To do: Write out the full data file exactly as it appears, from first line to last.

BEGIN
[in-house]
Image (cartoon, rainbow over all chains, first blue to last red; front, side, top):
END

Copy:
[in-house]
Image (cartoon, rainbow over all chains, first blue to last red; front, side, top):